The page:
John P. Gallagher, the junior member of the firm of Osborn & Gallagher, publishers of the Williamsburg Journal-Tribune,
is a native of York township. He was born on a prairie farm, his parents being John and Catharine Gallagher, natives
of Tyrone and Monaghan counties, Ireland They located in York township in 1859. There were nine children in the
Gallagher family and the subject of this sketch is a twin, his brother mate being G. P. Gallagher, who resides
on a farm within sight of the old homestead. The father of the twin boys died when the sons were yet in their teens
and they at once assumed the responsibilities of the three hundred and twenty acre farm, canceling its debt and
maintaining a home for their mother and sisters.
In 1888 John P. was appointed to the railway mail service, his first assignment being the run from Davenport to
Calmar; in 1890 he was transferred to the run from Marion, Iowa, to Kansas City, Missouri, and he spent eleven
years in this, resigning in 1901, when he became part owner of the newspaper with which he is still connected.
Mr. Gallagher never attended other than the district school, and this only in broken periods, but his studious
disposition has required but little aid; he has read good, wholesome literature, he has been a constant observer
of the leading plays and his deductions and conclusions always bear the stamp or seal of an originality redolent
of genius. As a writer his work at once attracts attention by the earnestness, force and fairness of his expressions.
He belongs to no political party in the sense that he must be ever ready to advocate its proclaimed tenets; he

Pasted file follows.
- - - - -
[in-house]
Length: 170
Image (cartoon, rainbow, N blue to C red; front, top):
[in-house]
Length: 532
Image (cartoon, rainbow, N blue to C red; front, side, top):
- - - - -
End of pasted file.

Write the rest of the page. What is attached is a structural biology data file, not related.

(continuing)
regards the common or general good as of paramount importance and is bitterly opposed to the theory that the common
or general good is best sub-served or promoted by an unbending allegiance to any political party and his fondest
dream is that some day, some time, "all men's good shall be each man's rule," a policy not possible under
the cramped narrowness of the political organizations of today.
His editorial work covers a wide field and reflects marked literary ability as well as a refined taste. There is
dignity in his expressions, and, at times, his prose becomes poetry, rich in fancy, lofty in aim and clear in thought.
For the glib phrase and the slangy utterance he has nothing but a contempt that borders on hatred and his editorials
possess a permanent value.
He is a member of the Catholic church and is very well informed on her tenets and teachings, and his charity is
freely extended to those who refuse to study the church except through her enemies; he regards this disposition
as a malady, a disease, and inclines to the view that its only cure is in permitting the germs of the disorder
to become consumed in the fire of its own prejudice, when out of its ashes will spring a broader tolerance and
a brotherly or Christian spirit.
Mr. Gallagher is unmarried and resides with a sister. He seldom takes a vacation, is a firm believer in work, and
is proud of the fact that he never strayed far from his native soil.
History of Iowa County, Iowa
And its People
By: James C. Dinwiddie
The S. J. Clarke Publishing Co.
Iowa County, IA
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